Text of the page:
FIG. 3 is a detail view of the valve used in the first and/or second device of the implantable vascular device of the present invention.
FIG. 4 is a detailed view of the second embodiment of the implantable vascular device of the present invention. This figure also illustrates a second embodiment for the venous shunt used in the implantable vascular device of the first embodiment.
Similar reference numerals refer to similar parts throughout the several views of the drawings.
With reference to drawings, and in particular to FIGS. 1-3 thereof, the present invention will be described. As seen, the first embodiment of the implantable vascular device 10 of the present invention provides for an apparatus which includes a valve mechanism for manually opening and closing the device when desirable. In the open state the device is ready for hemodialysis while in the closed state fluid communication is prohibited in the graft tube 16. As seen in FIGS. 1-3, the implantable vascular device 10 of the present invention comprises a first device 12 coupled to a second device 14 via an graft tube 16.
The first device 12 is designed to be affixed adjacent to an artery to provide for the first device to connect arterial side of the shunt. The second device 14 is designed to be affixed adjacent to a vein to provide for the second device for the second connection to the venous side of the shunt.
For the purpose of illustration, the first and second devices are shown to be rectangular. However, the devices can take any shape or configuration so as to provide for a device which can be manufactured easily and economically, as well as provide a device which can be maintained comfortably under the skin.
Each device or shunt 12 and 14, respectively, is basically a housing having an upper portion 18, a first side 20 and a second side 22. Extending through the first side 20 of each shunt 12, 14 is a first opening 24. Secured to the outer area of the first opening 24 is a seal or graft 26. This seal or graft 26 is adapted to be surgically secured to the blood line. As such the graft 26 of the first device 12 is surgically secured to the artery to provide for arterial anastamosis while the graft 26 of the second device 14 is surgically secured to the vein to provide for venous anastamosis. The graft 26 is configured to be long-lasting and to properly seal the devices to the blood line for preventing fluid leakage. As such, the graft 26 must be fabricated from a durable and non-thrombogenic material, such as DACRON™ or GORTEX™ (also known as terylene or e-PTFE membrane). Hence, it is seen that an aperture is formed in the vein and artery. The first opening is adapted to align with the vein or artery for providing a fluid communication means between the shunts and blood lines when the valve assemblies or housings are in an opened position.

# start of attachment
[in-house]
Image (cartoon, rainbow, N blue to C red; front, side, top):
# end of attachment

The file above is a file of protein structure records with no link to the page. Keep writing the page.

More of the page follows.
A second opening 28 is located on the second side 22 of each device 12 and 14, respectively. This second opening 28 is adapted to be in fluid communication with the first opening 24 when the device is in an opened state. As seen in the figures, the graft tube 16 is secured to second opening 28 for providing for the second side 22 of the arterial shunt 12 to face the second side 22 of the venous shunt 14.